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I am trying to execute a query within a SQL trigger.

I have 4 tables A, B, C, D. Table A is a lookup list and contains roughly 1400 rows of data. Table B are values being input through an HMI with a timestamp. Table C is the table where my values are intended to go. Table D is a list of multipliers to use to multiply values from table A to table B (I am only using one multiplier from table D at the moment).

When a user inputs data into table B, that should trigger the procedure to get the values that were inserted (including the itemnumber) and relate the itemnumber to table A and use table D to multiply a few things together to send values to Table C. If I only input 3 rows of data in table B for example, I should only get three rows of data in table C. I am merely using table A to match the item number and get some data. But for some reason I am inserting way more records than intended, over 1600 rows.

Table D multipliers have a timestamp that does not match or have any correlation with any other table. So I am using a timestamp and selecting the multipliers that are closest to the timestamp from table B (some multipliers will change throughout time and I need a historical multiplier to correctly multiply the right things together)

Your help is most appreciated. Thank you.

Insert into TableC( ItemNumber, Cases, [Description], [Type], Wic, Elc, TotalElc, LbsPerCase, TotalLbs, PeopleRequired, ScheduleHours, Rated, Capacity, [TimeStamp])
   Select 
      b.ItemNumber, b.CaseCount, a.ItemDescription, a.DivisionCode, a.workcenter, 
      a.LaborPercase as ELC, b.CaseCount * a.LaborPerCase * d.IpCg, 
      a.LbsPerCase, a.LaborPerCase * b.CaseCount as TotalLbs, 
      a.PersonReqd, b.Schedulehours, a.PoundRating, 
      b.ScheduleHours * a.PoundRating as Capactity, b.shift, GETDATE() 
   from 
      TableA  a, TableB b, TableD
   Where 
      a.itemnumber = b.itemnumber 
      and d.IpCG < b.TimeStamp 
      and b.CasesCount > 0
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5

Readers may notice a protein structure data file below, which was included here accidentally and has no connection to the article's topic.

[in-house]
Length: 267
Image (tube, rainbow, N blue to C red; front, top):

Bad habits to kick : using old-style JOINs - that old-style comma-separated list of tables style was replaced by the proper ANSI JOIN syntax with the ANSI-92 SQL Standard (more than 20 years ago) – marc_s Jul 31 '14 at 18:23
    
So after reading the link, all of my combining of tables and not using joins are really skewing my query. I will work on using joins in this query. Thanks – ENGR024 Jul 31 '14 at 18:52
    
You said this is a trigger but you only reference persistent tables. Where are the references to INSERTED or DELETED virtual tables? – Sean Lange Jul 31 '14 at 18:53
    
Sorry for the confusion, I left them out. I just was testing the functionality of the query itself – ENGR024 Jul 31 '14 at 18:55

You do not reference the inserted or deleted tables that are available only in the trigger, so of course you are returning more records tha you need in your query.

When first writing a trigger, what I do is create a temp table called #inserted (and/or #deleted) and populate it with several records. It should match the design of the table that the trigger will be on. It is important to make your temp table have several input records that might meet the various criteria that affect your query (so in your caseyou want some where the case count would be 0 and some where it would not for instance) and that would be typical of data inserted into the table or updated init. SQL server triggers operate on sets of data, so this also ensures that your trigger can properly handle multiple record uiinserts or updates. A properly written trigger would have test cases you need to test to make sure everything happens correctly, your #inserted table should include records that meet all those test cases.

Then write the query in a transaction (and roll it back while you are testing) joining to #inserted. If you are doing an insert with a select, only write the select part until you get that right, then add the insert. For testing, write a select from the table you are inserting to in order to see the data you inserted before you rollback.

Once you get everything working, change the #inserted references to inserted, remove any testing code and of course the rollback (possibly the whole transaction depednig on what you are doing.) and add the drop and create trigger part of the code. Now you can test you trigger as a trigger, but you are in good shape becasue you know that it is likely to work from your earlier testing.

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